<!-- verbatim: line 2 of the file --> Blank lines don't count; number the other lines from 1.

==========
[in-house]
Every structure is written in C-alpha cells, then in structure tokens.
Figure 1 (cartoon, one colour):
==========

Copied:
Every structure is written in C-alpha cells, then in structure tokens.